Mesothelioma Resources for Seniors
What is mesothelioma?
A diagnosis of mesothelioma, a rare and aggressive cancer, comes with considerable uncertainty. Most
doctors — and even many oncologists — do not see it enough to understand its intricacies, or know the
latest and most effective way of treating it.
Bringing clarity to the disease will spark much-welcomed hope for a patient and his family.
Mesothelioma cancer is typically caused by a long-before occupational and prolonged exposure to
microscopic asbestos fibers, which are unknowingly inhaled or ingested.
They become lodged in the thin lining around the lungs or abdomen, slowly causing scaring and often
leading to any number of serious health problems, including mesothelioma often decades later.
But despite the gloom-and-doom scenario most often heard upon a diagnosis, times are changing.
Clinical trials today are uncovering newer and more effective types of treatment, often harnessing a
patient’s own immune system to do the work. Therapies are becoming more tailored, chemotherapy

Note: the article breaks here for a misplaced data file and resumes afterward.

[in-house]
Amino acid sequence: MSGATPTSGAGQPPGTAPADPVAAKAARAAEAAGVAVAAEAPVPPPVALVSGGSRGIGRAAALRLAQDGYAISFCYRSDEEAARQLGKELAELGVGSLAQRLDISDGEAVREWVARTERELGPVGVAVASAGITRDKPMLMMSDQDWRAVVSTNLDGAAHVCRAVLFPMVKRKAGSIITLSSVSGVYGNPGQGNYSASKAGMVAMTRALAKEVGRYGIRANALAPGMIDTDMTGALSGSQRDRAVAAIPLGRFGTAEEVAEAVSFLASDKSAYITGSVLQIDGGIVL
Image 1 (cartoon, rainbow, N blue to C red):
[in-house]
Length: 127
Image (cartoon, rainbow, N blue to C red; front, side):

more targeted, surgeries more refined.
Resources for Mesothelioma
More survivors are living longer and more fulfilling lives. There are good reasons for optimism.
There are resources available to help a mesothelioma patient. Here are some tips for both patients and
- Find a mesothelioma specialty center with expertise in the field. Although it most often affects
the lungs, mesothelioma is not lung cancer, and needs to be handled differently. A top
mesothelioma specialist could mean the difference between a short and a lengthy survival.
Explore the idea of a clinical trial, where the latest therapies are being tested before getting FDA
- Consider complementary or alternative therapies outside mainstream medicine. There are
mind-body therapies, such as homeopathy and yoga, as well as old-fashioned remedies that
include herbs and anti-oxidants. Energy therapies, such as music, have helped some people.
They are most effective when used in conjunction with standard therapy.
- Join a support group. It’s hard to find others who understand what you are going through with a
rare cancer like this. If you can talk to others with the same cancer, it may be informative,
comforting and less isolating. They can answer questions that a doctor often can’t. The
Mesothelioma Center has a support group that meets by phone each month to discuss various
- Ask for help if you need it. Don’t try to tackle this disease by yourself. Caregivers, who are often
the patient’s spouse, try to do it alone because they are determined to spend every last minute
alongside the patient. Share the responsibility.
Caregivers need to care for themselves too.
As a patient, take care of yourself, both mentally and physically. Caregivers must find time to eat right
and recharge their batteries, even with a demanding schedule. The better a caregiver feels, the better a
patient’s care will be.
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